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New England Aquarium’s rockhopper penguin chick making progress after complicated hatching

Feb 16, 2024

A southern rockhopper penguin chick is getting closer to joining the rest of the New England Aquarium’s colony after a complicated hatching process.

When the new female chick hatched on June 23, aquarium officials say the hatchling was struggling to break through its shell. Ultimately, staff had to help the baby chick by gradually peeling away its outer shell and membrane.

“Eggs can take 24 to 48 hours to hatch, but we weren’t seeing much progress from the chick on its own and were concerned it was too weak,” said Dr. Melissa Joblon, Director of Animal Health at the Aquarium.

Over the next several hours, the chick was finally able to break through. Aquarium staff then provided around-the-clock care to maintain the newborn’s body temperature and allow her to finish the hatching process.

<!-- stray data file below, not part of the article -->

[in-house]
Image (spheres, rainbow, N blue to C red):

When the chick’s parents denied the opportunity to take on parental duties and raise her, more than 10 staffers began the around-the-clock process of raising the newborn, including giving her a specialized formula of fish, krill, vitamins, and supplements five times a day.

“Caring for a penguin chick is like caring for a human baby: It truly takes a village. Our dedicated staff jumped at the opportunity to spend their late hours helping provide the chick all of the care that it needed,” said Assistant Curator of Penguins Eric Fox.

The chick is now eating full meals of fish three times a day and is 17 times heavier than when she hatched. Staff say that once her waterproof feathers grow in this fall, the newborn will be ready to join the aquarium’s colony of 13 rockhopper penguins.

The penguin’s name will be revealed once she is able to join the colony.

“Although there are many milestones to go, we are seeing great signs that we have a healthy, thriving chick,” Fox said.

Southern rockhopper penguins are considered a vulnerable or threatened species, according to the aquarium.

“Over the past three to four decades, their numbers have dropped by about 35%, with climate change and the associated warming of the ocean surrounding their habitats cited as a major factor. Wild colonies also face threats including depletion of their food source, overfishing, and pollution from incidents such as oil spills,” said the New England Aquarium.

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